hawthorn blossom tea
Tea is a national institution. But how about swapping your morning brew of English Breakfast tea for something that truly warms the heart?
In late Spring, Hawthorn, which features in every hedge and verge across the land, comes into bloom and is covered in delicate white and blush buds and flowers that have a distinctly sweet aroma. Hawthorn is a bit of a wonder plant - you can forage it all and it is packed with health benefits. In the Autumn, collect the bright red berries to make syrup and jelly; in the Spring, collect the flowers, buds and young leaves as well to sprinkle in salads, on cakes, anywhere you wish...the buds in particular are a treat and have a pea-like taste.
Hawthorn blossom, leaves and berries have been used for centuries as a tonic for the heart, helping with irregular heart beats, tiredness associated with poor heart function, and lowering of blood pressure. They also aid the entire circulatory system. What's more Hawthorn can help emotional well-being, alleviating anxiety and installing a sense of calm. A real wonder plant.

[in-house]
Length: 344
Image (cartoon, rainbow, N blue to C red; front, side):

But back to tea. The blossom itself can be made into a delicious and healthy tea in two ways - either fresh or dried. Fresh tea is easy to make and has a floral sweet Jasmine tea flavour. Dried tea takes on a stronger taste, more like Green tea. Both are refreshing and free so give them a go!
As with all foraging, please ensure you know what you are picking and consuming and only take small amounts from one area so there is plenty for all mother nature's creatures to feast upon.
for fresh tea...
Simply find your Hawthorn bush and carefully collect a few sprigs of the blossom, including a couple of leaves (watch out for the thorns). Then wash and put two or three sprigs into a tea pot, steep with boiling water and leave for a few minutes. The liquid will turn a pale golden colour and then it is ready to sip and enjoy!
for dried tea...
Take your sprigs of Hawthorn and lay them out on a dry tray or piece of parchment paper. Cover with another piece to protect the flowers and then leave out in a warm, well ventilated place for the sprigs to dry out. This may take a day or so. When they feel dry and slightly crisp to the touch they are ready. Use one spring straight away in a mug or teapot (you may need to strain) or store in a paper bag or jar and use another day. The tea leaves will last a long time dried, but the aroma will fade with time.
Let us know what you think!